Wednesday, March 26, 2014

Process Wednesday: trifluoromethylation on kilogram scale

From this week's C&EN, a great article by Stephen Ritter on process chemistry*, including some really enjoyable coverage of this Boehringer Ingelheim work: 
In one presentation in Orlando, Jason A. Mulder of Boehringer Ingelheim described the challenge of scaling up the fluorination of a versatile synthetic intermediate that his company is using to make a family of new anti-infective drug candidates... 
...Mulder’s target was synthesizing methyl 6-chloro-5-(trifluoromethyl)nicotinate on a 100-kg scale at a reasonable cost. At first, Mulder and his colleagues considered buying and modifying a trifluoromethylated precursor. But the one they needed cost about $800 per kg on a 100-kg scale, which was too much, he said. The team then turned to finding a method to make the fluorinated nicotinate from scratch (Org. Process Res. Dev. 2013, 10.1021/op400061w). 
...The researchers continued their search and zeroed in on methyl chlorodifluoroacetate (MCDFA). Although the compound would take some massaging to serve as a trifluoromethylating reagent, at $12 per mol on a 100-kg scale, the price was right...
...Copper stabilized by the ligand facilitates formation of difluoromethyl carbene, which couples with fluoride ion added to the reaction to form CF3 ions. The ligand-stabilized copper then coordinates to the heteroaryl ring to displace iodide and transfer CF3 to the ring. The reaction worked with good yield but not without a couple of monkey wrenches thrown in. 
For one thing, the team couldn’t achieve a catalytic process on the scale they needed because of competing impurity formation—the larger the reaction, the lower the yield. Running reactions that involve CF3 ion can be problematic because of side reactions of difluoromethyl carbene, Mulder said. The major impurities in this case were by-products with an unwanted fluoroalkyl side chain. 
During the reaction, the CF2 carbene likely generates multiple fluorinated alkyl copper species that compete with CuCF3 and react with the iodide, Mulder explained. This radical addition, or telo­merization, is how fluorinated polymers such as polytetrafluoroethylene are made. The team actually could see formed polymer floating in the reaction vessel. 
To curb carbene formation and telomerization, the researchers had to use just the right amount of copper and fluoride ion. But after running hundreds of reactions using the catalytic route with modified conditions, none of the options proved to be optimal. Although the catalytic process was preferred for its lower copper cost and reduced burden of removing copper salts at the end of the reaction, the team opted to simply use a stoichiometric amount of copper, which cut down on carbene formation and reduced the impurities. 
“Our final result was a safe, efficient, scalable process with low impurities that was successfully integrated into the scaled-up synthesis of new drug candidates with an overall cost reduction of 10%,” Mulder concluded. He reiterated that although many trifluoromethylation procedures are available, “finding one that works well on a large scale and at low cost remains a challenge.”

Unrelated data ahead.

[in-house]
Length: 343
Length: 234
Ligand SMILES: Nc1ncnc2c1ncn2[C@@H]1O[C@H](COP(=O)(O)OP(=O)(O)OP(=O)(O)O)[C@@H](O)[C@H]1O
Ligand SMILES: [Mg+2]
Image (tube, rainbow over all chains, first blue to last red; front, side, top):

Here's how Mulder and coworkers described the polymer formation in their OPRD paper:

Notably, some solids, which appeared to be highly fluorinated polymeric compounds, were observed floating in the crude reaction mixture. This observation helped explain why a minimum of 3 equiv of MDCFA was required for this reaction. These polymeric byproducts were observed to a small extent on lab scale but had minimal impact. However, during the kilo-lab scale-up of the catalytic trifluoromethylation (Table 3, entry 1), these insoluble polymeric impurities made the workup tedious by complicating phase separations and by causing foaming during the reaction and distillation steps.... 
...Despite great effort, these impurities could not be sufficiently suppressed. Being very similar to the desired product in structure and physical characteristics, these impurities were also very difficult to remove by crystallization at this process stage and downstream. Because of these issues, the stoichiometric copper conditions were pursued for scale-up...
What a neat piece of work! Pretty cool.

*Definitely click on the link for a worthwhile explanation of the ICH classification system for solvents for use in process chemistry, too. 


  1. I actually reviewed that paper last year as part of our biweekly lit group. It's very enjoyable having to cover OPRD regularly.

    The evolution of the workup in the OPRD paper was interesting as well. They originally used aqueous ammonia, but had a significant stability issue with the product. When they moved to thioacetamide stench became an issue. They finally settled on oxalic acid to get rid of the Cu.

    Using methyl chlorodifluoroacetate with Cu to perform trifluoromethylations was described in TL way back in 1991, as cited in the OPRD paper. Always good to see something really useful come out of what many people consider to be a low impact journal like TL.

  2. excess of sodium thiosulfate (>5 equivs) is excellent for removing Cu, it gets solubilized as a colorless Cu(I) thiosulfate complex, which is reasonably stable at room temperature (but if you heat it to boil, it decomposes and brown-black copper sulfides precipitate)

  3. BI has the best process group in the industry by far.


looks like Blogger doesn't work with anonymous comments from Chrome browsers at the moment - works in Microsoft Edge, or from Chrome with a Blogger account - sorry! CJ 3/21/20